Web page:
Today marks the 25th anniversary of Angela Carter’s death. She was just 51 when she died on the 16th February 1992 from lung cancer.
In his biography of Angela Carter, Edmund Gordon notes that she greeted death with courage, anger and her trademark humour. She joked to Michael Moorcock that he should not worry about her since she was “not bringing up bits of lung”. Carter told another correspondent that she was “hanging on like grim death for the chance to vote this bloody government out. It’s what the hospital calls ‘an excellent short-term goal'”. And on another occasion when speaking with her friend Corinna Sargood on the telephone, Carter “noted that a man was coming to the door. ‘It’s all right,’ she said. ‘I’ll let him in. He hasn’t got a scythe.'”
Despite her declining health, Carter continued to work on projects up until her death. This included editing The Second Virago Book of Fairy Tales (1992) and helping create two television documentaries, The Holy Family Album (1991) and Angela Carter’s Curious Room (1992). A few works were also published posthumously, such as Expletives Deleted (1992), American Ghosts and Old World Wonders (1993) and The Curious Room: Plays, Film Scripts and an Opera (1996). Sadly, Carter also left behind a number of planned projects that never came to fruition. Chief among these was a brief plan for a new novel, which she pitched to Carmen Callil: Adela was to be “a fantasia on the life of Jane Eyre’s pupil Adèle Varens”, as Gordon explains, and would involve Adela discovering that her mother was not in fact dead, seducing her benefactor Mr Rochester, and later being placed in prison after the Franco-Prussian War breaks out during her stay in Paris. As Carter wrote, the novel would “play some tricks with history”. Indeed! In addition to Adela, Carter was also approached by Neil Jordan to see if she would be interested in helping produce two new films. The first was to be an adaptation of her own short story ‘The Cabinet of Edgar Allan Poe’, collected in Black Venus (1985), and the second was to be a series of sexual encounters with ironic moral twists, provisionally entitled Erotic Tales.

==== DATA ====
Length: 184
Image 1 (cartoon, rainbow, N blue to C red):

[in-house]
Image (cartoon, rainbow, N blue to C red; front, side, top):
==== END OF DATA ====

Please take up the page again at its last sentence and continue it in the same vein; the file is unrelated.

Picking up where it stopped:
Much to her excitement and pleasure, in what would be the last year of her life Carter was invited to appear on the Radio 4 programme Desert Island Discs, which she had fantasised about for many years. However, owing to her poor health she was unable to travel to the recording studio. When the BBC refused to record the episode at her home, Carter responded with typical frankness: “Fuck them, then”. However, she did get as far as making her selection for the programme and you can listen to them in the playlist I’ve compiled below.
Carter also chose the book and luxury item for Desert Island Discs: the former was to be Larousse Gastronomique and the latter was to be a zebra. Hearing of this latter choice, Corinna Sargood was later inspired to paint a three-panelled screen with a zebra on it for Carter’s memorial service, held at the Ritzy cinema in Brixton. This is now on display at the Strange Worlds exhibition at the RWA in Bristol, alongside a copy of the official invitation to the service, also designed by Sargood.
In many ways, the Strange Worlds exhibition feels like a tribute to this most imaginative of writers, the variety of strange, disturbing and funny works on display capturing something of both Carter’s character and the quality of her writing. It is sad to think of all the projects that Carter left unfinished, and in these dark times many people wish she was here to provide us with a typically razor sharp and witty response or diagnosis. However, as the Get Angela Carter festival demonstrates, Carter’s narratives, images and ideas live on and continue to delight and amuse, provoke and disturb, and fire the imagination.
What are your thoughts on Angela Carter’s legacy and reputation 25 years after her death? Which of her texts resonate with you? Do you think her ideas and narratives are still relevant today? Leave a comment below, on the Facebook Public Group page or Tweet me @AngelaCarterFan
For more information on the Get Angela Carter festival, which celebrates Carter’s Bristol connections around the 25th anniversary of her death, head over to the official website here. Details about the RWA Strange Worlds exhibition can be found here.
To find out more about and to purchase a copy of Edmund Gordon’s The Invention of Angela Carter: A Biography, head over to the official Penguin website here.